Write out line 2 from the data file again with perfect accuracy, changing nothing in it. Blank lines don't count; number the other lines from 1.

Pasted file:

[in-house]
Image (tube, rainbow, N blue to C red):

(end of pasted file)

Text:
Image (tube, rainbow, N blue to C red):